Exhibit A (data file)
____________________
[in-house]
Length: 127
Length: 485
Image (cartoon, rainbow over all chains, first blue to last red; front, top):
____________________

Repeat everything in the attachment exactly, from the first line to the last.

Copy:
[in-house]
Length: 127
Length: 485
Image (cartoon, rainbow over all chains, first blue to last red; front, top):